Theodore Dalrymple; The Red Cross pot calling the NHS kettle black

The British Red Cross says that there is a humanitarian crisis looming in the National Health Service.

There is a British Red Cross shop in the high street of the market town in which I live. A little while ago I asked one of the old ladies who worked in it how much of the money she took went to the Red Cross. She looked at me as if I were mad.

‘Why, all of it, of course!’ she said.

Little did she know! According to the British Red Cross’s accounts for 2015, the latest I could find, the Red Cross derived £29.9 million from its retailing activities, raised by 631 paid employees and 6346 volunteers such as the old lady. But the expenses incurred in raising the £29.9 million were £25 million. In other words, all this activity generated a profit of £4.9 million. For every pound that the old lady took, therefore, only 16.3 pence reached the charitable coffers of the Red Cross (of which a not inconsiderable proportion was then expended on the salaries of those who worked for it). I doubt that the old lady would have the faintest notion of any of this: and I doubt equally that the Red Cross was eager to enlighten her on this matter.

Needless to say, the shop is hardly an ornament to the town. There is now one such charity shop per 1000 of the population, and I saw today that another will open soon. Meanwhile, the town council considers application from chain stores to open more stores on the outskirts of the town. I have seen the future, at least for Britain: it is Tesco plus pauperisation.

Still, the question arises how the British Red Cross can raise so little money from its retail operations. After all, it receives most of its goods and a large part of its labour free of charge, and it pays reduced local taxes (a policy that should, of course, cease forthwith). It is a miracle of disorganisation, at least equal to anything seen in the National Health Service: I hesitate to call it by a name less morally neutral than disorganisation.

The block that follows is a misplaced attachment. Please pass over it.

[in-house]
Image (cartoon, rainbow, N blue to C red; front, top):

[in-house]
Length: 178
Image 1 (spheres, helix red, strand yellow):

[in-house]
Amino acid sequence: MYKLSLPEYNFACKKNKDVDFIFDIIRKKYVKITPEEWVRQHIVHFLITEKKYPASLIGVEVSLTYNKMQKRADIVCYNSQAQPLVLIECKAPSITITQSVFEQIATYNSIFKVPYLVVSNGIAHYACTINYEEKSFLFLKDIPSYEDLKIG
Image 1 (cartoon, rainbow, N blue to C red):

I have no reason to suspect that the British Red Cross is alone in this, or particularly egregious: the other charities are no doubt just as bad. I call upon the public, therefore, to give no money to charity, at least none that runs a shop. Strike a blow against the exploitation of old ladies: refrain from giving.

Leave a Reply

Your email address will not be published.


This site uses Akismet to reduce spam. Learn how your comment data is processed.

1 Comment on Theodore Dalrymple; The Red Cross pot calling the NHS kettle black

  1. I had a look at the accounts, and can confirm that the retail figures are as specified. But I am not sure that this is the whole story. On their website I see they claim to expend 71% of their total income on charitable causes – a figure which seems reasonable, when you compare, for instance, the money spent on straight appeals – £40m, with the money received – £153m. Some fundraising activities pay well, some pay marginally.

    In the case of retail shops, the expenditure will cover the rental, insurance, legal fees and running costs as well as rates, and, no doubt, other incidentals. I presume that the landlords or the electric company do not drop their rates significantly if they are renting to a charity.

    So the poor return is at least explained. These shops have a poor turnover, selling occasional objects at a pound or so, and have to pay market rates simply to exist. The question now becomes – “Do we want to have some charity shops in the High Street staffed by volunteers and making minimal profit, or would we rather see boarded-up shop-fronts and shop rental companies out of business?”

    The point is one on which differing views can easily be held, but so long as the charity shops provide SOME profit, I see them as maintaining the High Street culture in our lives for a little bit longer. The day cannot be far off when all of our goods are web-requested direct from the Chinese factory and drone-delivered from a holding warehouse in the Midlands. When that happens the distinctive high-street culture will disappear, and all I can do is hope that it will happen in my children’s, rather than my, lifetime…